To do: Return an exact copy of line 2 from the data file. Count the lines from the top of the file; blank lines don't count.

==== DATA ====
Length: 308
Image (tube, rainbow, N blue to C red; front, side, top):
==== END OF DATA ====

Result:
Image (tube, rainbow, N blue to C red; front, side, top):